CityVP Manjit

CityVP Manjit

3 anni fa #1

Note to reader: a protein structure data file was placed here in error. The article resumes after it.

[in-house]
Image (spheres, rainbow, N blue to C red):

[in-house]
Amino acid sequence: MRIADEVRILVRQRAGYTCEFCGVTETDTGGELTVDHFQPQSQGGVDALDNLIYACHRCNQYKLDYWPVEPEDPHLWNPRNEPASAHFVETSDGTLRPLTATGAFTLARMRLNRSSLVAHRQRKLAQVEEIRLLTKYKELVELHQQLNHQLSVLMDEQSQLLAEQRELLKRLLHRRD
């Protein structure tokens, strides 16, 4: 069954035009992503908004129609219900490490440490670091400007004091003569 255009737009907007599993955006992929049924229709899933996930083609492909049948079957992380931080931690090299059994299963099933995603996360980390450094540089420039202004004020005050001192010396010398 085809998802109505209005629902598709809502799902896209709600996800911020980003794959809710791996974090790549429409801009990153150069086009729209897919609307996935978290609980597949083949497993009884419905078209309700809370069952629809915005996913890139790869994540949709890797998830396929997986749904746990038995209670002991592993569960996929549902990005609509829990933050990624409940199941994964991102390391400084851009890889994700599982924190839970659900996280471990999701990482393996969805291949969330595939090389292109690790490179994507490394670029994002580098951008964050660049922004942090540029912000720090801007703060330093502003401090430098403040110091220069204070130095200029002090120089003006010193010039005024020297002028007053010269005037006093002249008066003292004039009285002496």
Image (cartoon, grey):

For me the interesting part of AI is a variation on the existing class structures in our society namely - the rise of the digital elite (a small group of people who actually understand AI), the users of AI (which I refer to as the digital middle class) and the used (what was working class but now will the contingent class). Safety at the higher order of the digital elite has to be managed by digital elites who have the consciousness that I have to refer to as safety intelligence. Safety at this level of thinking is strategic and it can only be a safety intelligence if the AI work creates a more intelligent future. Otherwise it is what makes the digital elite different from the traditional elite. The traditional elite relied on philosophical ideas to create their elite position in society, but the digital elite are using science and technological prowess. There is still a philosophical basis to it because what is not safety intelligence is the traditional philosophy of nihilism. The nihilistic tendencies of the digital elite may well include unintended consequences but do not include safety intelligence. The prowess that the digital elite have to shape a virtual evolution, creates a new frontier where Darwin and physical evolution used to be, what we therefore are facing up to is a wholly new type of evolution that is man-made. As we play with the very fabric of being and life, which essentially means that knowing that the digital elite are literally harbouring god like powers is what safety intelligence should be predicated upon. Yet in the name of innovation the dangerous risk is that scientific practice trumps having the safety net of a philosophical safety intelligence. The only times scientific practice trumped philosophical practice was in dictatorship - such as NAZI science experiments.